Anasthase Contagyris is a French and Greek economist living in Athens. He is Co-Founder of Attac-Greece, CEO of Dialogos Ltd, an Athens Startup coaching and export facilitation consultancy he founded in 19887. He is a member of the Truth Committee on Public Debt of the Greek Parliament, which recently issued a preliminary report. We met in Frankfurt. He is well conneted, though not a member, to Syriza.
At the meeting of the Shadow ECB Council on 27 May 2015 it became clear that the spectre of Grexit is polarizing not only policy makers but also economists. About half the members of the Shadow ECB Council would regard an exit of Greece from the currency union a very bad and dangerous outcome. Roughly the other half would consider it well manageable or even desirable.
Presentation for the seminar “Economics and Power” on 23 March 2015, House of Lords, London: Ladies and Gentlemen, To pay tribute to the Marxist jargon, in which Lord Skidelsky has phrased the title of my subject, I would like to start with a quote from Karl Marx: "The ideas of the ruling class are in every epoch the ruling ideas. … The ruling ideas are nothing more than the ideal expression of the dominant material relationships, … the relationships which make the one class the ruling one, therefore, the ideas of its dominance." In my own words, that means that not all economic ideas are created equal.
In June 2011, Spiegel Online conducted and published a remarkable interview with Albrecht Ritschl. Ritschl is one of Germany’s most renowned economic historians, teaching at the London School of Economics. Already for years ago, he warned that Germany, being the worst debt offender in history, would ultimately regret it, if it insisted on behaving like the tough taskmaster of Athens and the rest of Europe. What Ritschl predicted is
You have to see this Video from dutch TV. Translateion from Pastebin: 'Jeroen Dijsselbloem': "I'm Jeroen Dijsselbloem, minister of finance and political phenomenon. Due to the frown line on my forehead and my penny-pinching look, you can immediately see that I'm an expert. I'm the right man for this position, let the Greek come my way- I will make them mad. I will get the money back, as it is my duty- and you cannot
On 11 February Greek finance minister Varoufakis outlined his request for help and the concessions his government was willing to make in front of the Eurogroup. According to reports it was mainly his German counterpart Schäuble who blocked any agreement on this basis until the Eurogroup finally agreed on a statement on 20 February. It is instructive to compare the wording and content of this agreement with what Varoufakis had offered and asked for (in German here with links to original documents) nine days earlier.
On 16 February talks in the Eurogroup failed after Greece rejected a draft statement and received an ultimatum to ask for an extension of the current program before 20 February. Greece sent the letter and the Eurogroup reassembled on 20 February, agreeing on a Statement on Greece. It is very instructive to see what changed between the rejected statement and the one finally agreed. (What Schäuble gained by holding out after 11 February is examined in a companion piece.)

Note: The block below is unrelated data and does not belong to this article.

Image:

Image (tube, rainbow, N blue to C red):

Investor Protection in CETA and TTIP Leaves a Lot of Room for Improvement Say Legal Experts in Parliamentary Hearing
Professor Steffen Hindelang of the Free University Berlin, a renowned expert for international trade law hat today presented at a joint hearing of the EU-Parliaments committees on law and on international trade the findings of three studies, comissioned by the the parliament by him and by Professors Pieter Jan Kuijper (University of Amsterdam) and Ingolf Pernice (Humboldt-University).They agree that “The EU should include State-of-the art investment chapters in all of its comprehensive
On Thursday the ECB’s Governing Council will decide on whether to start a large bond buying program. I am afraid the decision is clear, though not for economic reasons. A few days later, the Greek will probably vote for a left leaning government under the Syriza-party, which wants to renegotiate the terms of the huge government debt, and is opposed to the EU-imposed austerity program which impoverished the country. There will be a standoff, a game of chicken, in which Brussels, Frankfort (the ECB) and Berlin
At the meeting of the Shadow ECB Council on 26 September, 2014, there was a strong consensus that strong disinflation and weak economic prospects warranted ECB action. At the same time, there was near consensus that the package of measures announced by the central bank in early September would not be sufficient and there was disagreement on their appropriateness. Many members suggested large scale
At the meeting of the Shadow ECB Council on 26 June, 2014, there was a strong consensus that the measures decided by the ECB Governing Council in early June against the credit crunch and below target inflation were going in the right direction, but only modestly effective and insufficient. Almost all members believed that additional measure were needed now or in the near future. The Targeted Long Term Refinancing Operations (TLTRO) were almost unanimously considered the most important part of